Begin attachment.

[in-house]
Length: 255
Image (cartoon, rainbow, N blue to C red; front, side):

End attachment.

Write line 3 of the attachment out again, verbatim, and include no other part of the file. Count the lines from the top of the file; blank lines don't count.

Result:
Image (cartoon, rainbow, N blue to C red; front, side):